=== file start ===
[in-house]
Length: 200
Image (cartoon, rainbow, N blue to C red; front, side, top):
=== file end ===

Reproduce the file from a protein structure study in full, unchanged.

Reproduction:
[in-house]
Length: 200
Image (cartoon, rainbow, N blue to C red; front, side, top):